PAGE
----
The entire configuration for an NS emitter in UE resembles Maya. I experimented with several values and added settings for modifications like color and velocity. The NS campfire wasn't as simple because I wanted to achieve a specific appearance.

NS campfire before

I also created a fireflies emitter.

After that I placed some dust and falling leaf emitters from the free Australian Mega scan marketplace package and adjusted the bird emitter with flying birds from right to the left in front of my mountain background. For a suitable animation, I keyed their start for my render.

I struggled to get my objects to float on the river with a blueprint. I manually animated the boat parts and a few other objects. Because of my schedule, I focused on other main parts of my project.

After character import to UE, I placed my two created characters, father, and son inside the boat in UE. I was able to use the rig to deform their position in a static way. Unfortunately, because of the short project time, I couldn’t set up full animated characters in Unreal. Without a control rig in UE I wasn’t able to animate them.

For an unplanned and spontaneous sequence, I quickly modeled a small dragonfly in Maya. I had the feeling that the dragonfly should be there. I also used one of the fishes from the UE Marketplace inside the river and added a swim animation.

Part VII -  Light & Volumetric Clouds

While working on my environment, I had already tested different atmospheric light positions and volumetric clouds. I experimented with HDRI heavens as well, but I chose not to use them because they made no difference in my scene. Finally, I modified the clouds' density and movement speed, as well as the sun's ankle and colour, to their final positions.

Camera Movements

First, I used my planned shots of my storyboard and timed the frame duration per shot in UE. During the blocking process, I already set up the initial cameras and animated them based on my storyboard and imagination. I am a huge fan of cinematic motions. I researched and learnt a lot about it. In addition to all the research and modeling, the final compositing was, next to the research, the most time-consuming component of this project, as this was completely new territory for me. It was an outstanding joy to see how you can progressively add so much emotion to your own creation using camera motion and sound. William Faucher

UE5.1 Render Tests

Depending on your computer's specifications, I recommend you to run a test render. There are three simple reasons.

First, your render may be very different from your viewport or vision. Second, animations (LOD, light, shade, textures ...) might clip or not show in render. Third, realistic render time is influenced by your settings and hardware! There are a few more reasons, but these are my main three.

That's why I compared my render tests from low HD to high 4K. Because of my hardware baby at home, I was able to render the entire sequence at 4K. 5 shots, 1673 frames at 24fps took me 18 hours to render. I rendered shot to shot and not all at once. I used several console variables in the Movie Render Queue to achieve high-quality render output.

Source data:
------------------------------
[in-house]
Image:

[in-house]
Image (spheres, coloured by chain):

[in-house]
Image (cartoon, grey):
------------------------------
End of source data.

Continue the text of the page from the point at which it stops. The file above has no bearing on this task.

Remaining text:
The free online tutorials from William Faucher helped me in all my stages of creation. To setup your render, he showed the difference between basic UE render vs Movie Render Queue,

I used the Movie render, because you have more flexibility for setting up your render and the output looks much nicer. The most important point is to understand the difference from UE rendering compared to Maya Arnold renderer. Inside the movie render settings, you can add Cmd commands with values to force the render to use this setting while it is rendering.

Another very important cmd command is:

depth of field r.TemporalAA.Upsammpling 0

That command will fix the halo effect around blurred out meshes. I fixed my leaf’s that way, so that they look nice and smooth on the edges while it is rendering.

Finally, force LOD to 0 in cmd. Usually the it will automaticky force it. I rendered all in 4K.


I comped all the shots in After Effects and added free sounds from pixabay.com. I used Red Giant by Maxon, a film-makingToolkit. All-in-one solution for video editors, compositors, and content creators. I  used mainly Trapcode and Magic Bullet in After Effects.


It was a wonderful creative journey! I learned a lot through this project. Most of the time, you are learning by doing. I love taking on new tasks and confronting a variety of challenges, whether I enjoy solving or not. My main advice to young artists is to keep going and explore the unknown! There's always a solution. Don't just adhere to tutorials; they're useful, but it is even better to explore the creative world of software and instruments on your own. The most effective way to learn new things! Take your time gathering references and putting together a mood board! Things may look cool by only creating them, but they are not believable.

In addition to my hard work, feedback is essential for achieving amazing results! That is why I would like to thank everybody of my supporters, especially those who have supported my Maori content. Thank you,  Johnny Knight, for being a great Tutor and friend! It was an incredible experience to work so closely with such great culture and history. I learned for life.

Ngā mihi - Thank you! - Vielen Dank!


Check out Laura's Rookies profile here.